‘This election result is not viable,’ Vernon Bogdanor said yesterday afternoon. ‘There will have to be another within months.’ (At least I think it was Vernon Bogdanor – it may have been David Butler or Peter Hennessy. It was a long siege in front of the TV, and apologies all round if I have misattributed. Constitutional experts don’t look alike but they do sound alike, I suppose because they are men from a similarish background who tend to be say-ing similarish things.)

That had the ring of truth. What’s going on at the moment, with everyone busting them-selves to look serious and statesmanlike, is known in the American Senate as a ‘gravitas frenzy’. But the underlying realities are what they are. A Labour-Lib Dem pact will not work. Their combined totals only get them to 315, 11 short of a majority. Labour lost the election and the Lib Dems would be crazy to look as if they were putting Brown back in office. They would also be crazy to put Labour back in while the leadership issue was unresolved; the public wouldn’t swallow a second consecutive Labour prime minister for whom they hadn’t voted.

The Tories are pretending to offer a serious deal, but the promise of a ‘commission’ on electoral reform shows that the two parties can’t meet in the middle. Even if Cameron wanted to offer proportional representation (which he doesn’t), his party wouldn’t let him; even if Clegg wanted to accept anything short of PR (which he doesn’t), his party wouldn’t let him either. Lib Dems have been stitched up twice before on this issue, by Wilson and by Blair, and remember it bitterly. I see no prospect of agreement.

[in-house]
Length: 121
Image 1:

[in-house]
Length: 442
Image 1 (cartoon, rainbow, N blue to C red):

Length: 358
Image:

That leaves Cameron to do a deal with the DUP, getting to 315, and perhaps extracting a ‘confidence and supply’ arrangement from Clegg – in other words they will back them over issues affecting government funding and votes of confidence. Since the Queen’s Speech on 25 May is in effect a confidence vote, that would let the Tories begin governing.

Then the dance would begin, with Cameron and Clegg jockeying for position over the inevitable second election. The Tories’ goal will be to look like a plausible government and to reassure both the markets and the electorate. Doing both at the same time, in the current fiscal climate, won’t be easy. Cameron’s one big advantage is that electorates hate being made to elect and will resent the party which forces the next contest. Clegg’s goal will be to remind everyone he exists and to get them thinking that he would be a better PM than anyone else. He can bring the government down whenever he likes, so his task is to pick the right moment, one which makes him look like a man of principle and the Tories look like eye-bulging ideologues. Labour’s job will be to pick a Miliband. (The best candidate would have to change his name by deed poll, because his surname at the moment is ‘Johnson’.) And then it’s back to the polls, within months.

The voting system and the electorate have botched this election. Reality, as it sometimes helpfully does, offers a metaphor for what we’ve done. In Chingford, an Independent candidate decided to do something frightfully amusing and changed his name to ‘None of the Above’. But because of the way names were presented, he appeared as ‘Above, None of the’ – at the top of the ballot.